If Nostradamus had made a prediction about the state of equality in the year 2021, it’s likely that he would have predicted equality for all human beings. Yet here we are, in 2021 still struggling with of all things, INEQUALITY. Let’s be honest, the workplace can be a hotspot for biases and discrimination that gives inequality its foundation, starting with the hiring process.
We are all human. We can all agree on that much, I think. As humans, we have a tendency to make decisions heuristically, or by making cognitive shortcuts as we have been programmed to do. But there are some situations that require a more analytical and objective approach. Relying solely on instinct, or on the rule of thumb, can show up as implicit bias if we are not cognizant or thoughtful about our hiring and screening practices.
Unconscious biases are unconscious attitudes and stereotypes that manifest in our workplace, particularly in the recruiting and hiring process. These biases operate outside of our awareness and can be in direct contradiction to our most tightly held beliefs; and often will show up in our affect or behavior towards another individual. Freeing ourselves of unconscious bias and making hiring decisions based on them is easier said that done because often we are unaware that they exist and therefore may not realize the impact these biases have on hiring outcomes to the organization and the candidates themselves.
Defining and owning the validity of unconscious biases is the first step to mitigating them. Unfortunately, there are so many types of implicit biases that there is not enough space in this page to define them all. But, I will share a few recent cases for you just in case you think you’ve heard it all.
Case #1 Hair Bias (there us such a thing) ~ targets black people, specifically who have afro-textured hair that’s not been chemically straightened. Afro-textured hair has frequently been seen as being unprofessional, unattractive, and unclean.
The organization conducted a national search and found a candidate from Atlanta. She was highly qualified and educated and nailed her phone screen, By all accounts we’d found our next VP of Finance. When the offer was extended to the second runner up and lesser qualified candidate. I asked the Recruiter to explain why. His response was “they (the hiring panel) really liked her, but she had those things in her hair and some of them felt her hairdo didn’t embody the brand.” So I went the hiring manager (who was also the CFO) for more information. He agreed that she was by far the most qualified on paper but “I just couldn’t get past the whole hair thing.”
Case #2 Racial Bias ~ A form of implicit bias, which refers to the attitudes or stereotypes that affect an individual’s understanding, actions, and decisions in an unconscious manner.
The candidate came with a Master’s in Finance and a successful track record in operations for a healthcare system 3 times the size of our own. He was by far the most qualified of the 4 finalists from a pool of 80. He was personable, innovative, had lots of great ideas, and according to the Recruiter “could really elevate the team.” So when I saw the third choice candidate sitting in new hire orientation I asked the Recruiter what happened to this candidate everyone was excited about? Her response was, “everyone really loved him, they thought he was great but some people thought staff might be a little intimidated.” So I went to the hiring manager to check on the matter, I was told that they “loved” candidate but there was some concern that a guy of his size and stature (6’7 tall, 300 lbs or so) might be a bit intimidating to the team of these predominately white millennials. I could totally see the staff being scared (expletive) by this big intense looking Black guy in their 1:1’s (raucous laughter).”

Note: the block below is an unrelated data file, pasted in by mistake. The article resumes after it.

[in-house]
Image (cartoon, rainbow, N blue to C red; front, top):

Case #3 Horn Effect ~ A bias that surfaces when something bad about the candidate negatively grabs our attention and we can’t move beyond it. It could be a character flaw or aspect of their personality, or even the sound of their voice that drives your decision to not hire them.
The frontrunner was a highly qualified Asian woman. She came prepared, great responses, knowledgeable, engaging, and met or exceeded every qualification. When the panel passed on the candidate after less than an hour of interviewing her I followed up with the hiring manager who responded “We were turned off by her voice, she had to let us know that her boyfriend chartered a private jet to whisk her away to a romantic island for her birthday, AND she was wearing a diamond encrusted watch to an interview and carrying a Gucci bag! It was just one thing after the other with that one, and that voice, ugh! We’re not about all of that here, but super qualified.” So they went with the second choice candidate. Her tenure was brief.
So what can you do about hiring bias?
• Be sure recruiters and hiring managers have received interview training that covers common hiring biases.
• Utilize standardized interview guides to support a consistent process.
• Drive hiring decisions based on evidence rather than on subjective assumptions.
Also consider incorporating blind resume review into your process, and make sure that you interview panels represent diversity. Most importantly, make it a habit to debrief often with your team and hiring manager, AND be willing to call out any unconscious biases both real and perceived.
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